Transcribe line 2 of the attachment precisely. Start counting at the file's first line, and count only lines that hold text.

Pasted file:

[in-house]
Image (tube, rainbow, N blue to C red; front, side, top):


Image (tube, rainbow, N blue to C red; front, side, top):